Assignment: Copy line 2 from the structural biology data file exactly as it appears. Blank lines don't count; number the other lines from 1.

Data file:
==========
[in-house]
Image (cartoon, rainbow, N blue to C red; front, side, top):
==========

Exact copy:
Image (cartoon, rainbow, N blue to C red; front, side, top):